4 Simple Adwords Hacks to Increase Your ROI Instantly

Google Adwords is a must have tool in today’s digital marketing landscape. While great for driving brand awareness and conversions, it can sometimes feel as though you’ve hit a wall with results.

Do you want to see your cost-per-conversion hit 74% while increasing conversion rate by 215%? There are simple adjustments you can make in an “Adwords tune-up” that will help you decrease your impressions, increase your number of conversions and most importantly, decrease the cost of those conversions.

There is no better feeling than being able to tell your client that you not only brought them more leads, but that they cost 55% less than the month before.

Try out our 4 Simple Adwords Tune-Up Hacks to driving better results and let us know if they worked for you.

1. Check on Your Location Targeting

If you’re not careful, Google will show your ads to people not currently in your target location but have shown interests in your location. For brick and mortar locations where value is brought by getting customers into the location, you can save a lot of money and wasted clicks by avoiding people who cannot physically visit your location.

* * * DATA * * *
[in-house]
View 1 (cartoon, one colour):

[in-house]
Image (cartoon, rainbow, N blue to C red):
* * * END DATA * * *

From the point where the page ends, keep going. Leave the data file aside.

2. Test Different Ad Rotations

There are a few ways you can optimize your ad rotation, if sign ups and purchases are your goal we recommend choosing Optimize for Conversions.

Other ad rotation options include:

Optimizing for conversions may result in your ad group receiving fewer clicks but, it’s more likely to receive more conversions, which can result in an improved return on investment.

Optimize for clicks gives preference to ads that are expected to attract more clicks than other ads in the ad group, based on your past clickthrough rates (CTRs). With this setting, your ad group will likely receive more impressions and clicks overall.

Rotate evenly delivers your ads more evenly into the ad auction, allowing ads with lower clickthrough rates and conversion rates to show more often, so this option could result in a lower average position or fewer clicks and conversions.

Rotate indefinitely setting delivers your ads more evenly into the ad auction, but does so for an indefinite amount of time and does not optimize. It is not recommended by Google for most advertisers.

3. Set Up an Ad Schedule

An ad schedule is a must if your business is wanting phone calls or quick turnarounds for replying to interested searchers. If your business is not open then it most likely doesn’t make sense that your online business should be spending money to appear open either. This schedule can vary by day and be customized to match your business.

4. Pause all keywords with a low relevancy score

Keywords with low relevancy score are going to cost you more. Adwords to it’s core is a bidding war and when you’re fighting head to head for a top spot against a higher quality score Google is going to make you pay. If you’re looking to save money, these keywords can go.

Adwords is a blast if you enjoy data and chasing results as much as we do. If you’re overwhelmed by the tool’s capabilities and the thought of having to produce results, Tribu can help. We can’t promise numbers like these for everyone, but we do promise we are hungry for them.